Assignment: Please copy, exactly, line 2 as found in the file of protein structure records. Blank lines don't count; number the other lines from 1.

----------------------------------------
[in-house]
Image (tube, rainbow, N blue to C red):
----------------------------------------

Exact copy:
Image (tube, rainbow, N blue to C red):